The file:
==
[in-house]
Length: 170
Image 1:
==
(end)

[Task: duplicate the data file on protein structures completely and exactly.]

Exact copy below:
[in-house]
Length: 170
Image 1: